Each of my other philosophy teachers were atheists and it was immediately apparent. I wish, if someone were to teach philosophy, they could all be as objective as you were in your teaching. Even as the classes devloped and your theism became more apparent to the class, you were always fair about presenting the different positions and allowing for reasonable discussion (much like you manage this blog). Can't say that for any of my other teacherss. (That, and they all seemed rather pompous about their athesim, which never boded well toward the belivability of arguments.)

Steven Carr said...

Dob't forget that there has been a revolution in philosophy with theism now becoming respectable in a way that was unimaginable 50 years ago.

Invaded by theists

'[T]oday perhaps one-quarter or one-third of philosophy professors are theists, with most being orthodox Christians.'

Steven Carr said...

By the way, it is logically invalid to conclude from the fact that Christians are routinely not hired, that Christians are discriminated against.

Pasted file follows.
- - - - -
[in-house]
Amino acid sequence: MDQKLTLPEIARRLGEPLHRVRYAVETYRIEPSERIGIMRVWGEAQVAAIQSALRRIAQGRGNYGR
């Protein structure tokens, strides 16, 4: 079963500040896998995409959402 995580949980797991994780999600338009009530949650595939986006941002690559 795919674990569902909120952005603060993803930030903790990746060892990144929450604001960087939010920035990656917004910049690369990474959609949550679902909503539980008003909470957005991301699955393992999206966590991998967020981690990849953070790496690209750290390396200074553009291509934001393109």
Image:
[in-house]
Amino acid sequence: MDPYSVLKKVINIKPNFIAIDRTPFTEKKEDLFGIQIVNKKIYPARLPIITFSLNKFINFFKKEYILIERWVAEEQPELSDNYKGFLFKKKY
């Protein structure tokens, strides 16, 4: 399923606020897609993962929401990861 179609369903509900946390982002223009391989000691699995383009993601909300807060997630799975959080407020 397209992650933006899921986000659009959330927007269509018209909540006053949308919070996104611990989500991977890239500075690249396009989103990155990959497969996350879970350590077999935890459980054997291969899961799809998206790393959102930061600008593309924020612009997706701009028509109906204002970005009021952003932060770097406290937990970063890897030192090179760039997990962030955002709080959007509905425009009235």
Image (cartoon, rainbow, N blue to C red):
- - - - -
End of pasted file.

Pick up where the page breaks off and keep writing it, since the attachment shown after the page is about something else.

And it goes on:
Thanks to Professor Plantinga , we can refute this allegedly logical argument by postulating an imaginary world where demons force people to reject CVs from Christians.

So the conclusion 'Christians are discriminated against' does not logically follow from the premise 'Christians never got jobs in philosophy departments'.

Plantinga's arguments are the Doomsday device of Christian apologetics, taking all rational discussion down in his attempt to save his view that God is good.
Just ask Plantinga!

normajean said...

Steven, that was actually funny. Thanks!

Clayton Littlejohn said...

Hey Victor,

I don't know what sort of evidence there is for systematic bias. I remember that Keith DeRose suggested that theists might be overrepresented in top 40 departments and we all know that there are plenty of schools that only hire theists as a matter of policy or appear to favor theists insofar as they expect faculty to support their religious mission.